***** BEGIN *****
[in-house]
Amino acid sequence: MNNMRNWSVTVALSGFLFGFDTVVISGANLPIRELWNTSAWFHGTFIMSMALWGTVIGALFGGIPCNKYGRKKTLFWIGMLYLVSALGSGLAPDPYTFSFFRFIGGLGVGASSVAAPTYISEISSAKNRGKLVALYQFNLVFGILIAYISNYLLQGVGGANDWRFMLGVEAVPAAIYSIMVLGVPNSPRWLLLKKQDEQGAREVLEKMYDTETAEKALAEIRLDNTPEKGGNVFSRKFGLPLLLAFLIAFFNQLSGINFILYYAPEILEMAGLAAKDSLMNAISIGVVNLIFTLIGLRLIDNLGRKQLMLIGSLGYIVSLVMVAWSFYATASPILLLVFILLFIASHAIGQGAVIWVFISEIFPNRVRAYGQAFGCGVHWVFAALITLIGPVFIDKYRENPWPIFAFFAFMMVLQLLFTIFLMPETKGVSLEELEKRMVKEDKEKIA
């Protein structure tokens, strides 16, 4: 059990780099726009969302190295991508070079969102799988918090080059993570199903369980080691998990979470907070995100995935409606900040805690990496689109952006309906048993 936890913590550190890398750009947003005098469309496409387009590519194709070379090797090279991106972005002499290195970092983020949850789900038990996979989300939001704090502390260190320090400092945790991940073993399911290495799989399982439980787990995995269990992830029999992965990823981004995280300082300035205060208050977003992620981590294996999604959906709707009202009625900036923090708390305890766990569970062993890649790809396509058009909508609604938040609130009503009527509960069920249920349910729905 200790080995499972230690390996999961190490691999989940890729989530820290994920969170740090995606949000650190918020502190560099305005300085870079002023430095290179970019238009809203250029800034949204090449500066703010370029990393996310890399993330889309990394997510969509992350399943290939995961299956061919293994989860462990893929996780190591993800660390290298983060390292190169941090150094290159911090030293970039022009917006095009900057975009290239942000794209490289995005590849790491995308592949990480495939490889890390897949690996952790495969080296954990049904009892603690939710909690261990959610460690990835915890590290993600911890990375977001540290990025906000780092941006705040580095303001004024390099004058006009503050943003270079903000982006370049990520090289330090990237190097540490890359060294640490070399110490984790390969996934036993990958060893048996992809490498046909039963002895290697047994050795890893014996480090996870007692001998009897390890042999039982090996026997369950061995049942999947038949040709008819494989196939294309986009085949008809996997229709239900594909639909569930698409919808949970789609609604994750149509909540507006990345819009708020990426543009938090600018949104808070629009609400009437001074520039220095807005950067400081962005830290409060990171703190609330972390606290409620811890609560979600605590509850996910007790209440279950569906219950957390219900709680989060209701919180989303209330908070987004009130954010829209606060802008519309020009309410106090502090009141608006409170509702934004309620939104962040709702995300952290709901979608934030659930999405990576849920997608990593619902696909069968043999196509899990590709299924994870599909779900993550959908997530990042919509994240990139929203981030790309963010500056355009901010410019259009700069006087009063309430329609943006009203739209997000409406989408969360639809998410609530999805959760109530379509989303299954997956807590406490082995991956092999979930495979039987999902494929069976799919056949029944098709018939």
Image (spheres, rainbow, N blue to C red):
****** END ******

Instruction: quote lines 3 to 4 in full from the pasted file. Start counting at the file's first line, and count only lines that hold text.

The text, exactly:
């Protein structure tokens, strides 16, 4: 059990780099726009969302190295991508070079969102799988918090080059993570199903369980080691998990979470907070995100995935409606900040805690990496689109952006309906048993 936890913590550190890398750009947003005098469309496409387009590519194709070379090797090279991106972005002499290195970092983020949850789900038990996979989300939001704090502390260190320090400092945790991940073993399911290495799989399982439980787990995995269990992830029999992965990823981004995280300082300035205060208050977003992620981590294996999604959906709707009202009625900036923090708390305890766990569970062993890649790809396509058009909508609604938040609130009503009527509960069920249920349910729905 200790080995499972230690390996999961190490691999989940890729989530820290994920969170740090995606949000650190918020502190560099305005300085870079002023430095290179970019238009809203250029800034949204090449500066703010370029990393996310890399993330889309990394997510969509992350399943290939995961299956061919293994989860462990893929996780190591993800660390290298983060390292190169941090150094290159911090030293970039022009917006095009900057975009290239942000794209490289995005590849790491995308592949990480495939490889890390897949690996952790495969080296954990049904009892603690939710909690261990959610460690990835915890590290993600911890990375977001540290990025906000780092941006705040580095303001004024390099004058006009503050943003270079903000982006370049990520090289330090990237190097540490890359060294640490070399110490984790390969996934036993990958060893048996992809490498046909039963002895290697047994050795890893014996480090996870007692001998009897390890042999039982090996026997369950061995049942999947038949040709008819494989196939294309986009085949008809996997229709239900594909639909569930698409919808949970789609609604994750149509909540507006990345819009708020990426543009938090600018949104808070629009609400009437001074520039220095807005950067400081962005830290409060990171703190609330972390606290409620811890609560979600605590509850996910007790209440279950569906219950957390219900709680989060209701919180989303209330908070987004009130954010829209606060802008519309020009309410106090502090009141608006409170509702934004309620939104962040709702995300952290709901979608934030659930999405990576849920997608990593619902696909069968043999196509899990590709299924994870599909779900993550959908997530990042919509994240990139929203981030790309963010500056355009901010410019259009700069006087009063309430329609943006009203739209997000409406989408969360639809998410609530999805959760109530379509989303299954997956807590406490082995991956092999979930495979039987999902494929069976799919056949029944098709018939």
Image (spheres, rainbow, N blue to C red):